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Free Guide To Making Home Made Wine

Created by Liza 2010-06-10 13:51:25
Valid until: Forever
Views: 7352
Why shouldn’t you make your own wine? Though it may be difficult and does take some time, making your own home made wine could be just as fun and rewarding.
Basically, the wine making process is straightforward and not at all intimidating.

All you need is a plastic bowl, a long wooden spoon, anywhere from 15 to 20 lbs of grapes, panty hose, 2 gallons of water, plastic bucket, 10 lbs of sugar, a packet of wine yeast, bottles with lids, plastic wrap and a strainer or colander.

1 The first thing to do is to rinse the grapes thoroughly and to remove all its stems. These should then be mashed using a blender or potato masher. You can add a tiny bit of water if you are utilizing a blender in order to not tire out or burn the motor. The resulting mashed grapes – termed as `must’ – should all be poured into a plastic bucket.

NOTE: It is highly advisable and preferable to use plastic containers and equipment. Proper grade plastic is ideal, specifically polypropylene as other kinds of plastic could be too porous. Plus, colored plastics could seep in chemicals to the wine as it undergoes fermentation, thereby causing it to spoil.

2 Then, simmer all 10 lbs of the sugar in a gallon of water until a clear syrup is produced. After which, stir in the grapes. Place this mixture inside a bucket and add an appropriate amount of water enough to fill the bucket. Make sure to at least leave anywhere from 4 to 6 inches of space from the top in order for the mixture to rise from the lid.

3 Scoop approximately 2 cups of the warm fruit “must” and place it inside a big plastic bowl. Then, pour a packet of wine yeast and stir the mixture thoroughly. Add this back onto the bucket of “must.”

It is important to stir the bucket of must using a long wooden spoon once a day for seven days.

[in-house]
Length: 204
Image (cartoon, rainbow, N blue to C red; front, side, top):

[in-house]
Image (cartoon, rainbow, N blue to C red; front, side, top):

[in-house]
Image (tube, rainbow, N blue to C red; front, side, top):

NOTE: All wine-making equipments, from the measuring apparatus, containers, mixing gadgets as well as surface areas need to be sterilized. It is critical that your home made wine do not make any contact with bacteria or rogue yeasts which could cause it to spoil or make the wine not safe to drink.

4 Strain the fruit “must” through a strainer or colander. As much as possible, squeeze all the juice prior to throwing away all the pulp. When all the pulp has been strained, fill the panty hose legs with the goop and hang it over a bucket. Allow it to filter for at least two hours.

5 Then, pour the liquid to a clean bucket adding enough water to fill most of the container – whilst still leaving at least two inches from the top. Cover the bucket with a plastic wrap or a lid. If it is tightly sealed, poke a few holes on the cover using a straight pin – this is to keep any pressure from building up.

6 Allow the bucket to sit for a month inside a warm and dark place. After which, siphon the top contents off, making sure to leave any fruit sediment on the bottom of the container. You are now ready to pour your home made wine into bottles. After you do, ensure to caps of the bottles are closed tightly.

NOTE: It is best to use a plastic funnel and a 6-8 foot siphon tube to transfer the home made wine in between different containers without having to pour. Remember that if you pour wine in between containers, the wine will be more prone to have sediments thereby spoiling it.

Comments / Add a comment
These facts are really interesting. Few of them were well known for me but many of them were brand new for me too! I will print this one out and show to my friends because they will be definitely interested in that. Thanks!
Regards, Greg from cash advance
added 2013-02-19 11:48:01
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